So You Want to Be a Real Writer

Writer Wordart

Writer Wordart (Photo credit: MarkGregory007)

You want to be a REAL writer? Well, I’m just the person who can tell you how to do it.

NOT!!! LOL.

Actually, I’m not sure anyone can tell you how to be a real writer–except to tell you a real writer, um, writes. But everybody does it differently.

Some writers have day jobs and write at night. Others write full time. Still others do a little from Column A and a little from Column B.

Some make a complete and extensive outline that’s so long, it’s a short first draft, others just get an idea, sit down at the computer and go for it.

When I think about the rules in writing, a little voice inside me goes, “Rules? We don’t need no stinkin’ rules!”  And to a degree, that’s true. There are very few hard and fast rules.

I’ll share the ones I’ve gathered along the way with you–

  1. If you’re listening to a speaker (in person, online, reading an article) and he/she tells you, “in writing, this is the only way to  . . . (fill in the blank)” stop reading or listening right then. I’ve even heard it said the listener should run, not walk, out of the room.
  2. In writing, the only way to get published . . . (Wait! Don’t run away. Please!!!) is to submit. It just makes sense, doesn’t it? To sell a piece, poem or manuscript, somebody else has to read it. And that person has to have buying power.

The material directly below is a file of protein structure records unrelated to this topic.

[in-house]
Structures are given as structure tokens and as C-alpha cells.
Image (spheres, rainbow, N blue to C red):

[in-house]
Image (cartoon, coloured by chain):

3. This is not a hard and fast rule (just logic) but a writer should probably be a reader. Or at least know how to read. Comes in handy when you’re doing revisions.
  4. This IS a hard and fast rule (and not original from me, by any means–but anything I know, I’ve learned from someone else, so nothing I tell you is original. Wait. I’m lost now. What was I talking about?) Don’t bore the reader.

Don’t bore the reader.

DON’T BORE THE READER.

Which is to say–

  • Keep the story moving.
  • Don’t beat a dead horse.
  • Believe your readers are smart enough to understand your concept without belaboring the fact.

You’ll hear lots of other faux-rules as you learn the craft, such as, “To a writer, a day without writing is like a day without oxygen.” Or, “If a sentence has more than 140 characters, it’s too long.”

But those aren’t rules. They’re suggestions or ways the speaker has made writing work for them. Just like there are no two people who have identical fingerprints, no two writers write the same way.

And aren’t we glad for that? If two people wrote the exact same way, then one of them would be unnecessary. Wouldn’t they? 🙂

So . . . I have a question for you. If any of y’all who read this have been writing any time at all (I don’t mean just published. I mean anyone who’s been writing and learning the craft for a while) come on over to Facebook and answer a question in a message to me .

Here’s the question I want you to answer–

What advice would your experienced self give your beginner self if you were bitten by the writing bug today.

But remember, don’t answer here. Go to my Facebook page (Susan Spess Shay) and leave me a message.

Thanks!

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